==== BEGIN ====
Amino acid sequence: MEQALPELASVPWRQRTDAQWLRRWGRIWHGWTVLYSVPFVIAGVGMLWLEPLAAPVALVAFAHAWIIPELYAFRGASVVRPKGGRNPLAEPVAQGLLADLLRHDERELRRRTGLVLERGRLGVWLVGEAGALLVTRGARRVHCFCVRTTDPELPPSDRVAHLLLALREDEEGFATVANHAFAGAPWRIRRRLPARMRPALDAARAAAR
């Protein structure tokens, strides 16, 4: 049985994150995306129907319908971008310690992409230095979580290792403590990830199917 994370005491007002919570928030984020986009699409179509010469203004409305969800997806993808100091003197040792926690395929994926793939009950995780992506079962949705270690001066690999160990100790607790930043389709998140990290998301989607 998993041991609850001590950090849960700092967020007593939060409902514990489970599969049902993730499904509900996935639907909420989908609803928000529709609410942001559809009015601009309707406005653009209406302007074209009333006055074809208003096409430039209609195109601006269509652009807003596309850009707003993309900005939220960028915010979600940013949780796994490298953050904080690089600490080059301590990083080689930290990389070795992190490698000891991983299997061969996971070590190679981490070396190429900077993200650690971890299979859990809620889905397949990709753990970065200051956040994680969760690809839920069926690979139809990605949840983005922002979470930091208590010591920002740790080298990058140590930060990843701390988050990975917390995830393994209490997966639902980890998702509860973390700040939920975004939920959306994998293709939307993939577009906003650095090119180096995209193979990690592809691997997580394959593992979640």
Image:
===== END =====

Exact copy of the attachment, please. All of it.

Amino acid sequence: MEQALPELASVPWRQRTDAQWLRRWGRIWHGWTVLYSVPFVIAGVGMLWLEPLAAPVALVAFAHAWIIPELYAFRGASVVRPKGGRNPLAEPVAQGLLADLLRHDERELRRRTGLVLERGRLGVWLVGEAGALLVTRGARRVHCFCVRTTDPELPPSDRVAHLLLALREDEEGFATVANHAFAGAPWRIRRRLPARMRPALDAARAAAR
């Protein structure tokens, strides 16, 4: 049985994150995306129907319908971008310690992409230095979580290792403590990830199917 994370005491007002919570928030984020986009699409179509010469203004409305969800997806993808100091003197040792926690395929994926793939009950995780992506079962949705270690001066690999160990100790607790930043389709998140990290998301989607 998993041991609850001590950090849960700092967020007593939060409902514990489970599969049902993730499904509900996935639907909420989908609803928000529709609410942001559809009015601009309707406005653009209406302007074209009333006055074809208003096409430039209609195109601006269509652009807003596309850009707003993309900005939220960028915010979600940013949780796994490298953050904080690089600490080059301590990083080689930290990389070795992190490698000891991983299997061969996971070590190679981490070396190429900077993200650690971890299979859990809620889905397949990709753990970065200051956040994680969760690809839920069926690979139809990605949840983005922002979470930091208590010591920002740790080298990058140590930060990843701390988050990975917390995830393994209490997966639902980890998702509860973390700040939920975004939920959306994998293709939307993939577009906003650095090119180096995209193979990690592809691997997580394959593992979640």
Image: